President Donald Trump and first lady Melania Trump arrive on Marine One before boarding Air Force One at Andrews Air Force Base
Lawyers for former US President Donald Trump on Thursday (local time) dismissed the prospect of him testifying at his Senate trial next week by calling it a public relations (PR) stunt after impeachment managers requested that he do so under oath.
"We are in receipt of your latest public relations stunt. As you certainly know, there is no such thing as a negative inference in this unconstitutional proceeding," attorneys Bruce Castor and David Schoen wrote to lead impeachment manager Representative Jamie Raskin as quoted by The Hill.
"Your letter only confirms what is known to everyone: you cannot prove your allegations against the 45th President of the United States, who is now a private citizen," the letter continued and added, "The use of our Constitution to bring a purported impeachment proceeding is much too serious to play these games."
However, the letter did not say that Trump would not testify, but Jason Miller, a senior adviser to Trump, later said unequivocally that the former president would not participate.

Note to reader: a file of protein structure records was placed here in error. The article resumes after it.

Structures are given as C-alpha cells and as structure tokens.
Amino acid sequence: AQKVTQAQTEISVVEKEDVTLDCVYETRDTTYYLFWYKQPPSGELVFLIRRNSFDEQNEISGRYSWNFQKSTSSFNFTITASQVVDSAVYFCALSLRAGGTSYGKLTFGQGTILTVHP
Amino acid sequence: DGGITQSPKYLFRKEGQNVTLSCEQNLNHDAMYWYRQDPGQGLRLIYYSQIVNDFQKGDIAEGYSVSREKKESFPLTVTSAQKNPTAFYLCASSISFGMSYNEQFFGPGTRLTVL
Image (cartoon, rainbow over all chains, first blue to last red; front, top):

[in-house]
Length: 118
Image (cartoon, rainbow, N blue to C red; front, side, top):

"The President (Trump) will not testify in an unconstitutional proceeding," Miller said in a statement.
Trump's second impeachment trial is set to begin next week. The House of Representatives last month impeached the former president for inciting violence against the government over his role in the January 6 riot at the US Capitol, which also claimed the life of a police officer.
The American outlet reported that Raskin sent a letter to Trump and his attorneys earlier on Thursday alleging that the former president's defence denies irrefutable facts about Trump's role in the deadly insurrection.
Raskin asked Trump to testify, and face cross-examination, as early as Monday and not later than February 11, suggesting that the testimony would not necessarily be in the Senate chamber or even in public.
The Democratic impeachment managers outlined their case in a legal brief filed this week, in which they argued Trump was "singularly responsible" for the riot.
However, the former President's lawyers argue that Trump is constitutionally ineligible to face an impeachment trial because he's no longer in office. They added that even if senators found the proceedings constitutional, his comments were protected under the First Amendment.
(Only the headline and picture of this report may have been reworked by the Business Standard staff; the rest of the content is auto-generated from a syndicated feed.)
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